ASIN Numbers and Trade Marks - Birlea Furniture v Platinum

Jane Lambert

Intellectual Property Enterprise Court (Judge Melissa Clarke)Birlea Furniture Ltd v Platinum Enterprise (UK) Ltd and another [2018] EWHC 26 (IPEC) (11 Jan 2018) 

Sites like Amazon offer unparalleled opportunities to both suppliers and consumers. To suppliers they offer a massive worldwide market that they could never access in any other way. Conversely, they offer consumers a wider choice of suppliers than would otherwise be available thereby enabling them to source products at the optimum price.

Sellers are allocated a unique identifier which Amazon calls an ASIN ("Amazon Standard Identification Number"). Such identifier allows consumers to specify the goods they need and identify the businesses that supply them. That's fine so long as the ASIN is used by the same supplier, the goods are from the same source or are fungible. However, difficulty can arise when a supplier seeks to brand goods to be supplied under someone else's identifier.

In Birlea Furnitu…

Transposing the Trade Secrets Directive into English Law: Confidentiality Agreements

Jane Lambert

Patents subsist for 20 years, copyrights for the life of the author plus 70 years but the obligation neither to disclose nor make use of business or technical information that is disclosed in confidence can last indefinitely.  The recipe for Chartreuse is a case in point.  That distinctive liqueur has been emulated and occasionally counterfeited but never replicated.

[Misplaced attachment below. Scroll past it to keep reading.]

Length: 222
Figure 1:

All members of the World Trade Organization are obliged to protect undisclosed information from unauthorized use and disclosure by art 39 of the Agreement on Trade-Related Aspects of Intellectual Property Rights ("TRIPS") but different countries including different EU member states discharge that obligation in different ways. Such differences affect the functioning of the internal market.  To minimize those differences the European Council adopted the trade secrets directive (Directive (EU) 2016/943 of the European Parliament and of the Council of 8 June 2016 on the protection of undisclosed know-ho…

What, if anything, can be salvaged from the UPC Agreement?

Jane Lambert

On 12 Feb 2018 I shall address a seminar entitled the Implications of Brexit on Intellectual Property Law which will be hosted by Queen Mary University of London Centre for Commercial Law Studies at 67-69 Lincoln's Inn Fields (see Jane Lambert Implications of Brexit on Intellectual Property Law19 Jan 2018 NIPC News). The topic that I have chosen is "What if anything can be salvaged from the Unified Patent Court Agreement?"

The reason I have chosen that topic is that it seems increasingly unlikely that the Unified Patent Court ("UPC") will open its doors before 23:00 on 29 March 2019 which is "exit day" within the meaning of clause 14 (1) of the European Union (Withdrawal) Bill (HL Bill 79).

I say that for two reasons.

The first is that art 89 (1) of the Agreement on a Unified Patent Court provides that that agreement will come into force "the first day of the fourth month after the deposit of the thirteenth instrument of ratification…

Obviousness - Hospira v Cubist Appeal

Jane Lambert
Court of Appeal (Lord Justices Lewison and Kitchin) Hospira UK Ltd v Cubist Pharmaceuticals LLC [2018] EWCA Civ 12 (18 Jan 2018)